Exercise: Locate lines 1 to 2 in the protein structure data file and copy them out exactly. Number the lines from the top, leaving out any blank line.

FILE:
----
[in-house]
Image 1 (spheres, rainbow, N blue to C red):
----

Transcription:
[in-house]
Image 1 (spheres, rainbow, N blue to C red):